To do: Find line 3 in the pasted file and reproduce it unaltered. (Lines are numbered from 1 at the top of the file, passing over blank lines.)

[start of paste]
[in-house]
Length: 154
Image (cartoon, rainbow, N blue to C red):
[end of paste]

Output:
Image (cartoon, rainbow, N blue to C red):